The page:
Israeli Official Says Biden’s Description of Israel Ceasefire Agreement ‘Not Accurate’

JERUSALEM — President Joe Biden’s interpretation of Israel’s cease-fire proposal was “not accurate,” a senior Israeli official told NBC News, raising doubts Monday about America’s friendly stance on the deal.

Biden said in A Surprise announcement On Friday he outlined a cease-fire proposal made by Israel and passed by mediators to Hamas.

But with Israeli Prime Minister Benjamin Netanyahu facing competing pressures — Washington and hostage families on one side and right-wing ministers threatening to topple his government on the other — a senior Israeli official questioned Biden’s interpretation of the ceasefire agreement.

The official noted that Israel had agreed to a full withdrawal of its troops from the Gaza Strip as part of a deal to free the hostages.

“Israel has not changed its terms to achieve a permanent ceasefire. “That will happen only after our objectives, including the destruction of Hamas’ military and governance capabilities, have been achieved,” the official said.

The official said that while the White House described the plan as originating from Israel, it was actually a proposal made by mediators that Israel had made revisions and changes to.

“It’s strange that they say it’s an Israeli plan, while Israel has to agree to it,” the official said. The official added that Israel is awaiting a formal response from Hamas to the proposal.

A U.S. official pushed back Monday, telling NBC News that Biden had outlined the plan presented by Israel, but also acknowledged the pressure Netanyahu faces from far-right officials and therefore urged the Israeli government not to back down from it.

Biden said Friday that the plan had been sent to the militant group via Qatar, which has helped negotiate for months.

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A spokesman for Hamas said the group “views positively” what was included in Biden’s speech. Egyptian Foreign Minister Sameh Shogri reaffirmed on Monday that Hamas viewed the proposal favorably and said that all were waiting for Israel to respond.

Biden said Israel had presented a “comprehensive new proposal” that would eventually lead to a permanent ceasefire in Gaza.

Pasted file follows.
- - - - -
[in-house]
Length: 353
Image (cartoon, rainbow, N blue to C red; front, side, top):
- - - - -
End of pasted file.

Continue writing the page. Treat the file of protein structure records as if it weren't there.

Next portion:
Biden said the three-part plan would include the withdrawal of Israeli forces from all populated areas of Gaza after the October 7 assault led by Hamas and the release of several hostages held inside the enclave. The first phase of the plan will see a complete ceasefire for six weeks.

‘You can’t count your hostages until they come home’

Biden’s speech has put Netanyahu under renewed pressure at home and abroad.

Two of his right-wing ministers have threatened to pull out of the coalition that keeps him in power if he agrees to a cease-fire deal outlined by Biden. Israeli media reported on Monday Netanyahu is set to meet with his hard-line national security minister, Itamar Ben-Khiri, over his threat to quit the government.

At the same time, families of Israeli hostages have stepped up demands that the government make a deal that could free their loved ones.

Rachel Goldberg-Bolin, whose son Hersh has been detained in Gaza since Oct. 7, said the plan Biden outlined on Monday gave her hope but remained cautious.

“You can’t hug your hostages until they’re at home,” he told NBC News in an interview in Jerusalem, adding: “I like to think this is the beginning of the end.”

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Goldberg-Polin criticized Israeli government officials who said continuing the war was more important than bringing home the remaining hostages. “If you believe in the justice of continuing this, let’s stop it for five hours, let those 125 people out, you, your son, your daughter, your mother, your brother, your sister, your grandfather, keep the child in there and continue your war with you. The people there,” she said. “Our people have had their time in hell for nine months.”

The Biden administration also continued its pressure campaign over the weekend.

Foreign Secretary Antony Blinken spoke late Sunday with Israeli Defense Minister Yoav Gallant and War Cabinet member Benny Gantz, who “commended” Israel for the plan and said the onus was now on Hamas to accept it. Invitations issued by the State Department.

A ceasefire deal will bring much-needed relief to Palestinians in Gaza, where Israel’s military operation in Rafah has forced more than 1 million people to flee the southern city, UNRWA, the main United Nations agency for Palestine refugees, said on Monday.

The Israel Defense Forces said its troops were continuing “intelligence-based, targeted operations” in Rafah after pushing deeper into the city despite US warnings.

Although Biden called it an Israeli proposal, Netanyahu has yet to publicly respond and the country’s official position was not immediately known. NBC News has reached out to the Israeli Prime Minister’s Office for clarification.

His office issued a statement on Saturday saying Israel’s conditions for ending the war had not changed, saying a permanent ceasefire was “non-starter” until they met.

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But in an interview with Britain’s Sunday Times newspaper, Ofir Falk, Netanyahu’s chief foreign policy adviser, said Israel had not rejected the deal. Falk said it was “a deal we agreed to — it’s not a good deal, but we want to free the hostages.”

Raf Sanchez reported from Jerusalem, Yulia Talmazan from London and Monica Alba from Washington.

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